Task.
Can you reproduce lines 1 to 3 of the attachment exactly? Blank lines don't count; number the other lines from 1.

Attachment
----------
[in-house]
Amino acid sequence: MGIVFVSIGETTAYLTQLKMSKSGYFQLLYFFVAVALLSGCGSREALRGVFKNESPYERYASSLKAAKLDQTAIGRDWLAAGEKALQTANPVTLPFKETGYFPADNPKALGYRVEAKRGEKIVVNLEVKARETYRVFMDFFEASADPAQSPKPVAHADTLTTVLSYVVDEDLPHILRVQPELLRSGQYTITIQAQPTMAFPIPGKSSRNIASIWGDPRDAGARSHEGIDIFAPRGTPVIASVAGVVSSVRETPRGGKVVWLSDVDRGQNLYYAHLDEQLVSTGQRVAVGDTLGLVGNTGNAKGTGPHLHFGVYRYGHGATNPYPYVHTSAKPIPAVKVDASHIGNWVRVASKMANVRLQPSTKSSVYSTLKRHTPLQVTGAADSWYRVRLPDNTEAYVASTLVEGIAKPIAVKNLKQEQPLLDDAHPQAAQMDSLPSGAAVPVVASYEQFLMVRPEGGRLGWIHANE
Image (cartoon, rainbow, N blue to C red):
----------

[in-house]
Amino acid sequence: MGIVFVSIGETTAYLTQLKMSKSGYFQLLYFFVAVALLSGCGSREALRGVFKNESPYERYASSLKAAKLDQTAIGRDWLAAGEKALQTANPVTLPFKETGYFPADNPKALGYRVEAKRGEKIVVNLEVKARETYRVFMDFFEASADPAQSPKPVAHADTLTTVLSYVVDEDLPHILRVQPELLRSGQYTITIQAQPTMAFPIPGKSSRNIASIWGDPRDAGARSHEGIDIFAPRGTPVIASVAGVVSSVRETPRGGKVVWLSDVDRGQNLYYAHLDEQLVSTGQRVAVGDTLGLVGNTGNAKGTGPHLHFGVYRYGHGATNPYPYVHTSAKPIPAVKVDASHIGNWVRVASKMANVRLQPSTKSSVYSTLKRHTPLQVTGAADSWYRVRLPDNTEAYVASTLVEGIAKPIAVKNLKQEQPLLDDAHPQAAQMDSLPSGAAVPVVASYEQFLMVRPEGGRLGWIHANE
Image (cartoon, rainbow, N blue to C red):